I test drove a gen 3 (with brand new lithium batteries) and about 35% of the messages I sent failed to make it. Some of those were from locations where you might expect problems (e.g. forest cover) but most were in wide open spots. In each case the Spot looked like it was sending the message successfully. That experience made me wonder how reliable it would be if I were to push the SOS button.
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Re: Spot Gen 3 limitations

Postby Gadgetgeek » Mon 26 Mar, 2018 7:21 pm

I was able to be in a location where I could also get the notifications, so I did a test over the course of a day, and my best guess was that it was failing to fully transmit, as it locked in and transmitted immediately as soon as I put in fresh batteries. I also did some multi-meter testing on the various batteries. So best guess, not an engineer.
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Re: Spot Gen 3 limitations

Postby mikethepike » Tue 15 May, 2018 10:02 pm

I have a SPOT and used it in the past and have found this thread very interesting and confirms my own fears. I'm confused about one thing though. I always understood that the SOS function operated (and hopefully works) without the paid annual subscription. Is this correct? I can't find a definitive statement about this on the findmespot website. Thanks for you help.
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Re: Spot Gen 3 limitations

Postby Orion » Wed 16 May, 2018 2:23 am

mikethepike wrote:I always understood that the SOS function operated (and hopefully works) without the paid annual subscription. Is this correct? I can't find a definitive statement about this on the findmespot website. Thanks for you help.


By "understood" do you mean you assumed that? Or did you read it or hear of it somewhere?

I have read in a few places that an S.O.S. will not be processed without a subscription. But I haven't found anything that addresses the question on the Spot website. So I don't know either.

It's a good question. Why not send them an email and ask?
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Re: Spot Gen 3 limitations

Postby wayno » Wed 16 May, 2018 10:35 am

I READ somewhere i cant recall that someone's SOS didnt work because their subscription had lapsed on a spot. inreach could be the same.
plb's need no subscription . rescue services may require tht you register the beacon with the country of origin you are purchasing it in or going to be predomnately using it in.. its supposed to be coded for the country its sold in.
the registration is usually free and juste gives your contact details and extra contacts for rescue services to check with first to see if they can get more information before initiating a search. but even without registration, rescue
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Re: Spot Gen 3 limitations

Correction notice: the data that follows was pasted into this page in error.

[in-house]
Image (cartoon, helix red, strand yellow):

Postby mikethepike » Fri 18 May, 2018 9:36 pm

Further to the recent discussion, I emailed findmespot as to whether the unit’s SOS function only worked if the annual fee was paid. Here is the response.

Thank you for contacting SPOT Customer Relations.
Unfortunately, Mr. Michael the SOS feature on your device will not work if there is not an active service agreement. I understand how this certain feature maybe CRUCIAL to you and for that we have created a website for all of our VALUED customers to voice their opinion or new ideas to help improve our products and services. That website is http://www.myvoice.findmespot.com.

The upper case words in SPOT’s reply are theirs not mine. I wrote back asking for further clarification and the reply was an abbreviated version of their first one. It would have been clearer if they could bring themselves to use words like fee or cost. From this I could only conclude that if you want SOS to work, then the fee must be paid and be current. And there's the rub!. The annual cost of that ‘active service agreement’ is currently US$ 174.98/year (and which includes a US$ 24.99 ‘annual maintenance fee’). That is AU$ 232.72. Think how many days in the year you’ll be using it and it would have to be of extreme duration to make me feel happy about coughing up the fee. Given the cost, it’s not surprising that they have brought in monthly payments as an alternative to an annual once off payment!

SPOT is very light and nice to use but I found that it sometimes has failed to deliver a message in open areas in forest and nowhere more open for miles around. It means that if I ever need to send an SOS, it would be a very anxious wait to finally see 'message received' window light up. More expensive initial outlay alternatives with no or only small annual fees will be much cheaper even in the short to medium term. And more reliable where terrain features and vegetation make reception poor.
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Re: Spot Gen 3 limitations

Postby Orion » Sat 19 May, 2018 1:20 am

LOL!

That's why I bought a PLB.